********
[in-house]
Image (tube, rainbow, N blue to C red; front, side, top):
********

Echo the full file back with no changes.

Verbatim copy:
[in-house]
Image (tube, rainbow, N blue to C red; front, side, top):